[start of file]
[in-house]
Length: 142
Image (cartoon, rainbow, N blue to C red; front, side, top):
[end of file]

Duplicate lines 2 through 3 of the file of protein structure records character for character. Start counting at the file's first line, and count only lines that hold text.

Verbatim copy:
Length: 142
Image (cartoon, rainbow, N blue to C red; front, side, top):